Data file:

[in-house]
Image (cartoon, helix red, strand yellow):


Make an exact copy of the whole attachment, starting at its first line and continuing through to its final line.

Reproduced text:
[in-house]
Image (cartoon, helix red, strand yellow):